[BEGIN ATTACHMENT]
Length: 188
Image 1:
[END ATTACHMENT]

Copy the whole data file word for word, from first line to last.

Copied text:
Length: 188
Image 1: